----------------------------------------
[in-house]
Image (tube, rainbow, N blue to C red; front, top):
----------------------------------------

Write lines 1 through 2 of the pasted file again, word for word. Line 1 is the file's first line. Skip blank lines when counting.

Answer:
[in-house]
Image (tube, rainbow, N blue to C red; front, top):